Introduction to the Meaning and Uses of Amber
Traditional amber stone is a hard, golden-yellow to brownish-yellow translucent resin. In rare forms it can be blue or green. It is considered an organic gem, as it came from ancient tree resin. It is softer than stone and can be easily scratched. Because amber was created by living trees, the stones are often found with interesting inclusions---insects, seeds, feathers and bubbles. Resin forms most often in conifer trees as the result of an injury, and is not to be confused with tree sap. You can tell the difference between real amber and fake by rubbing the amber briskly with a cloth. Real amber will produce static electricity and a light camphor smell. Real amber will also float in salt water, while fake amber will sink. Of course, this only works with unmounted stones.
The Baltic Sea area has been a source of amber since ancient times. Early Stone Age people used amber, which has been found in Neolithic burial sites.
Vikings traded amber as far back as 800, and present-day Scandinavia is still a major exporter of the gemstone. Amber is found all over the world: in both North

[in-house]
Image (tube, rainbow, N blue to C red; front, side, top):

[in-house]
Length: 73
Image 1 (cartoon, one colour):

and South America, Sicily, Romania, Lebanon, Myanmar (Burma) and New Zealand.
Ancient people all over the world thought that amber had medicinal properties and would grind it up and mix with honey to cure anything from asthma to the
black plague. Amber stone pendents were worn for magical protection against evil, and sailors would burn amber to protect their ships from sea monsters.
Mothers would burn amber near their newborns to help them grow strong. As late as the 1940s, amber bead necklaces were placed on babies to help with the pain
Amber stones are very soft and should be protected from accidental chipping and scratching. Store amber jewelry in a padded box or in a cloth bag. Amber
beads should be strung with knots between them to prevent the stones from rubbing and chipping each other. Never apply hairspray while wearing amber
jewellery, as the chemicals in the spray can permanently cloud the stones. Harsh soaps and commercial jewellery cleaners can also harm the stone. Clean amber with lukewarm water and a soft cloth. Amber can be polished with olive oil to add shine.
Amber stone has been used for many things beside pretty bead necklaces. Amber has been carved into art, made into teething rings, and even used to remove
lint from clothes (because of its static electric properties). Amber has been burned as incense and used to make lacquer. Fine violins have been polished
with amber varnish. The most opulent use of amber has to be Peter the Great's Amber Room. It was given to the Russian czar in 1716, and was considered a
masterpiece of Baroque art. Catherine the Great had the room moved to her summer estate. Unfortunately, when Hitler invaded the Soviet Union in 1941 he
raided the Amber Room, had it packed up and shipped to Germany. No one has seen it since. A replica of the Amber Room can be seen at Catherine Palace in